Fox Corp Quarterly Figures Exceed Wall Street Expectations

In the quarter ending March 31, Fox Corporation saw its year-over-year profit increase sevenfold to $567 million, with a 6.5 percent drop in revenue to $3.2 billion. The numbers exceeded Wall Street estimates. Earnings per share were 88 cents, ahead of analyst expectations of 58 cents. Fox chief executive Lachlan Murdoch reported that exiting “Thursday Night Football” a year early would lift earnings from $350 million to $400 million, which would help finance the 13-year deal that the company struck to continue broadcasting Sunday NFL games. Continue reading Fox Corp Quarterly Figures Exceed Wall Street Expectations

Amazon OTT Businesses Reach 120+ Million Monthly Viewers

Amazon’s over-the-top businesses (including IMDb TV, Twitch, live sports and Amazon’s News app among others) have grown to 120+ million monthly viewers. The free, ad-supported IMDb TV, which is getting a mobile app, has seen its viewership rise 138 percent year-over-year, making it a rival to similar ad-supported streamers including Fox’s Tubi, ViacomCBS’s Pluto TV and Roku’s The Roku Channel. Amazon’s exclusive rights to NFL’s “Thursday Night Football” will begin a year earlier than originally planned, with the 2022-2023 season. Continue reading Amazon OTT Businesses Reach 120+ Million Monthly Viewers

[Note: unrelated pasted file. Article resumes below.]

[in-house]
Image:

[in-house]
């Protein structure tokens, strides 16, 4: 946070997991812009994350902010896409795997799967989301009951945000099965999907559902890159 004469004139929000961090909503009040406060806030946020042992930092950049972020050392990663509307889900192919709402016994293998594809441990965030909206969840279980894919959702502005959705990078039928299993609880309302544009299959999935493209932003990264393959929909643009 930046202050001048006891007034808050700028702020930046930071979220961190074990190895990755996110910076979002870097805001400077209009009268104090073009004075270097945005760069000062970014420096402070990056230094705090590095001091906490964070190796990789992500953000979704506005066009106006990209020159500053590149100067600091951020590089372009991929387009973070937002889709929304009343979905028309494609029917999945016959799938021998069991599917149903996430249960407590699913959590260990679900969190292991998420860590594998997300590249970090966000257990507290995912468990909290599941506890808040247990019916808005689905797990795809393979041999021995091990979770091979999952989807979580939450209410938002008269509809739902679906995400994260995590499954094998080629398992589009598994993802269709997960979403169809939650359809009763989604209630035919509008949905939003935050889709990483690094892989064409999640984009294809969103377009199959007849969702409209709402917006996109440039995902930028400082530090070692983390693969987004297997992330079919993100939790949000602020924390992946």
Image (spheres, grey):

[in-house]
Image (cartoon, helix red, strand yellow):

Amazon’s Profits, Income, Stock Price Skyrocket During 2020

For Q1 2021, Amazon reported record profits of $26 billion, more than the previous three quarters combined, with net income more than tripling to $8.1 billion and revenue of $108 billion, surpassing FactSet’s analyst predictions. In addition to Amazon’s successful quarter, Apple, Facebook, Google and Microsoft all enjoyed major upticks in profits and revenues, the result of the increased need for their products and services during the COVID-19 pandemic. Amazon expects that its Q2 sales will reach between $110 billion and $116 billion. Continue reading Amazon’s Profits, Income, Stock Price Skyrocket During 2020